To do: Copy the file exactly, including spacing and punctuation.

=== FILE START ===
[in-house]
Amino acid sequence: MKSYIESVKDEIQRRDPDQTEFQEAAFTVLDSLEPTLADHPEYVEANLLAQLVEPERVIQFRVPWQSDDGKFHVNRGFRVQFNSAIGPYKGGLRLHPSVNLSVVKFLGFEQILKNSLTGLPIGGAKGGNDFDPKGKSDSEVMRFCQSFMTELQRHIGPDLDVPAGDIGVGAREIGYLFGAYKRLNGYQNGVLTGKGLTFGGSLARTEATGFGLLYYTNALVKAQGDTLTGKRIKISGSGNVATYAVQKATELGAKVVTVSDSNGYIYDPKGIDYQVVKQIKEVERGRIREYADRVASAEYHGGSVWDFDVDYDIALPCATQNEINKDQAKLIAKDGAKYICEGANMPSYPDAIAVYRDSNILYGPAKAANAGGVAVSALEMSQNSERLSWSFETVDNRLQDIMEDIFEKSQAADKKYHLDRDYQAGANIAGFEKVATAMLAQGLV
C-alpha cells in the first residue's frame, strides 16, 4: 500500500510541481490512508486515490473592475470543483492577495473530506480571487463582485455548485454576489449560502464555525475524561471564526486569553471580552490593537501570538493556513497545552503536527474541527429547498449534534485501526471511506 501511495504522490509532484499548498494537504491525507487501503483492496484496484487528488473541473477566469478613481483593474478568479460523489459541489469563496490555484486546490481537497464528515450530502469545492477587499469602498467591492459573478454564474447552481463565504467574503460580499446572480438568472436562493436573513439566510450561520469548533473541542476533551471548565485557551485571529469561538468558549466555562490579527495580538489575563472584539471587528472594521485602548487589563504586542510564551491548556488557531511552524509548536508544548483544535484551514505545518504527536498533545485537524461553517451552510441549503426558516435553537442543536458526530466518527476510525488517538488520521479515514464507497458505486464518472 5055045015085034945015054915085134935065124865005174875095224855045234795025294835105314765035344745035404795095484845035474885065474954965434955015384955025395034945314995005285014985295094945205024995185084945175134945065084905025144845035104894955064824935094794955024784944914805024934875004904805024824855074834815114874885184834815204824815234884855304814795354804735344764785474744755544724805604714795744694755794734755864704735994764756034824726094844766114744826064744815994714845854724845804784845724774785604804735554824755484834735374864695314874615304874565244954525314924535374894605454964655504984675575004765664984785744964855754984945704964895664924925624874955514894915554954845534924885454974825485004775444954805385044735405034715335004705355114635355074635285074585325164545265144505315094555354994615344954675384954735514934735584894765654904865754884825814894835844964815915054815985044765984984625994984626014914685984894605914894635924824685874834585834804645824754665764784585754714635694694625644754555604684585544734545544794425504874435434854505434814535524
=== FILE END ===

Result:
[in-house]
Amino acid sequence: MKSYIESVKDEIQRRDPDQTEFQEAAFTVLDSLEPTLADHPEYVEANLLAQLVEPERVIQFRVPWQSDDGKFHVNRGFRVQFNSAIGPYKGGLRLHPSVNLSVVKFLGFEQILKNSLTGLPIGGAKGGNDFDPKGKSDSEVMRFCQSFMTELQRHIGPDLDVPAGDIGVGAREIGYLFGAYKRLNGYQNGVLTGKGLTFGGSLARTEATGFGLLYYTNALVKAQGDTLTGKRIKISGSGNVATYAVQKATELGAKVVTVSDSNGYIYDPKGIDYQVVKQIKEVERGRIREYADRVASAEYHGGSVWDFDVDYDIALPCATQNEINKDQAKLIAKDGAKYICEGANMPSYPDAIAVYRDSNILYGPAKAANAGGVAVSALEMSQNSERLSWSFETVDNRLQDIMEDIFEKSQAADKKYHLDRDYQAGANIAGFEKVATAMLAQGLV
C-alpha cells in the first residue's frame, strides 16, 4: 500500500510541481490512508486515490473592475470543483492577495473530506480571487463582485455548485454576489449560502464555525475524561471564526486569553471580552490593537501570538493556513497545552503536527474541527429547498449534534485501526471511506 501511495504522490509532484499548498494537504491525507487501503483492496484496484487528488473541473477566469478613481483593474478568479460523489459541489469563496490555484486546490481537497464528515450530502469545492477587499469602498467591492459573478454564474447552481463565504467574503460580499446572480438568472436562493436573513439566510450561520469548533473541542476533551471548565485557551485571529469561538468558549466555562490579527495580538489575563472584539471587528472594521485602548487589563504586542510564551491548556488557531511552524509548536508544548483544535484551514505545518504527536498533545485537524461553517451552510441549503426558516435553537442543536458526530466518527476510525488517538488520521479515514464507497458505486464518472 5055045015085034945015054915085134935065124865005174875095224855045234795025294835105314765035344745035404795095484845035474885065474954965434955015384955025395034945314995005285014985295094945205024995185084945175134945065084905025144845035104894955064824935094794955024784944914805024934875004904805024824855074834815114874885184834815204824815234884855304814795354804735344764785474744755544724805604714795744694755794734755864704735994764756034824726094844766114744826064744815994714845854724845804784845724774785604804735554824755484834735374864695314874615304874565244954525314924535374894605454964655504984675575004765664984785744964855754984945704964895664924925624874955514894915554954845534924885454974825485004775444954805385044735405034715335004705355114635355074635285074585325164545265144505315094555354994615344954675384954735514934735584894765654904865754884825814894835844964815915054815985044765984984625994984626014914685984894605914894635924824685874834585834804645824754665764784585754714635694694625644754555604684585544734545544794425504874435434854505434814535524